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Researchers at Memorial Sloan Kettering Cancer Center in New York have discovered that bacteria living in the gut provide a first line of defense against severe Listeria infections. The study, which will be published June 6 in The Journal of Experimental Medicine, suggests that providing these bacteria in the form of probiotics could protect individuals who are particularly susceptible to Listeria, including pregnant women and cancer patients undergoing chemotherapy.

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Robert Siliciano, Johns Hopkins, HIV, Immune Cells, Therapy, latent HIV, Reservoirs, CD4+ T

Reservoirs of Latent HIV Can Grow Despite Effective Therapy, Study Shows

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Researchers at Johns Hopkins Medicine report new evidence that immune cells infected with a latent form of human immunodeficiency virus (HIV) are able to proliferate, replenishing the reservoir of virus that is resistant to antiretroviral drug therapy. Although HIV can be controlled with therapy in most cases, the proliferation of such reservoir cells pose a persistent barrier to developing a cure for HIV, researchers say.

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Heart Failure, G protein-coupled receptor , Drug Target, Cardiology, Chronic Heart Failure

Scientists Identify Protein Linked to Chronic Heart Failure

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Researchers in Japan have identified a receptor protein on the surface of heart cells that promotes chronic heart failure. The study, “Corticotropin releasing hormone receptor 2 exacerbates chronic cardiac dysfunction,” which will be published May 26 in The Journal of Experimental Medicine, suggests that inhibiting this protein could help treat a disease that affects more than 20 million people worldwide.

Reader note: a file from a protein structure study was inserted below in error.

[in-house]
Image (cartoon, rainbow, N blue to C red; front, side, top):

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Inflamamatory Bowel Disease (Ibd), Crohn's Disease, Ulcerative Colitis, Microrna, inflammasome

Researchers Uncover Key Role for MicroRNA in Inflammatory Bowel Disease

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An international team of researchers has discovered that a microRNA produced by certain white blood cells can prevent excessive inflammation in the intestine. The study, “Myeloid-derived miR-223 regulates intestinal inflammation via repression of the NLRP3 inflammasome,” which will be published May 9 in The Journal of Experimental Medicine, shows that synthetic versions of this microRNA can reduce intestinal inflammation in mice and suggests a new therapeutic approach to treating patients with Crohn’s disease or ulcerative colitis.

Medicine

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Autoimmune Disease, Autoimmunity, Lupus, Systemic Lupus Erythematosus (SLE), Dermatomyositis, Interferons, Medical Technology, Diagnostics

Researchers Describe Ultrasensitive Detection of Protein Linked to Multiple Autoimmune Diseases

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Researchers in France have developed a new method that will allow doctors to detect minute amounts of a protein called interferon- in patient samples. The technique, which is described in the study “Detection of interferon- protein reveals differential levels and cellular sources in disease” published April 18 in The Journal of Experimental Medicine, will aid the diagnosis and treatment of numerous autoimmune diseases, including systemic lupus erythematosus (SLE) and dermatomyositis.